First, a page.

Language does evolve, but rules must be followed. Rules are built around a growing language.

Is there anything that you feel is “wrong” in English? You can’t say that one “50-year-old rule” is bunk and at the same time say that some of the other rules are acceptable. Are you saying that the rules that you choose to follow are valid, but the ones that you personally feel are outdated are not valid?
Just because you have become used to using poor grammar does not mean that it has become acceptable to the public.

The word “seen” has been popularized in the following manner: I seen him yesterday.
Some old grammar book says that this is wrong, but so many people use it these days that we should accept it, right?

You ain’t one of them English teachers, is you?

If you feel using a sentence such as, “That’s the room I’m sleeping in.” is poor grammar, than I really have nothing further to say to you. It’s simply absurb to suggest that the above sentence is somehow ‘wrong.’

You may, if you wish, choose to abide by antiquated ‘rules’ of the language which were often set down arbitrarily by writers of widely used texts some 50 or 100 years ago. That is your prerogative.

Oh yes, may I add Rule #3: You cannot split an infinitive. Bah, total nonsense. Ex: I’m going to closely monitor the situation. Sounds fine to me.

BTW, I do not currently teach, but what I do is my own affair, and none of your business.

“That’s the room I’m sleeping in” sounds more natural to me too. I think (bringing this back to teaching English) that when we’re teaching, the best thing is to teach usage that will sound natural to most people. One way to tell that someone’s English isn’t really so good is that she’ll use some ‘textbook’ grammar that may be more ‘correct’ but sounds like something my English grandmother might say. Like using ‘whom’ or something.

I think the point is you know the rules and you know that you can break them. If you choose to say “I’ll learn you some real grammar” it has a different effect than if you say it because you don’t know better. I can choose to use grammar that I know to be ‘incorrect’ because I’m making a statement about the sort of person I am. Like, I’m fairly young, I don’t care to much about the rules and I want my conversation to have some kind of flavour.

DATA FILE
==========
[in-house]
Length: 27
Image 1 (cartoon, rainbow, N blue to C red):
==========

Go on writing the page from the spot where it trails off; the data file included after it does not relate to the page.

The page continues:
So what’s my conclusion? I guess that there’s no ‘correct’ English. It’s about communicating something, and the use of different grammar communicates a different message, so it’s only ‘incorrect’ if the message it conveys is significantly different from what was intended.


Oh god, its Musasa again. “if you feel … then I really have nothing further to say to you.”
Followed by a further two-and-a-half paragraphs!

BTW, “That’s the room I’m sleeping in” is poor grammar. Plain and simple. Just because there are many people around who are unable to grasp basic grammar concepts doesn’t excuse improper use.

And before you start, I’m anything but a pedant. It just ticks me off when I see “language evolution” being used as a description for “dumbing down.”

And to think I thought it was possible to conduct an intelligent discussion here without it degrading into a rant fest. What a mistake that was!

I have no problem with disagreeing with people. But you simply lack the ability to discuss any issue without turning it into a pissing fest. You have a complete inability to post respectfully and thoughtfully. Notice how polite my first response to Wolf was. Then notice how bitter his follow up was. There can be no dialogue in conditions of these sorts.